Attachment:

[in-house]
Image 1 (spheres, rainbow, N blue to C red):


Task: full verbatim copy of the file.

[in-house]
Image 1 (spheres, rainbow, N blue to C red):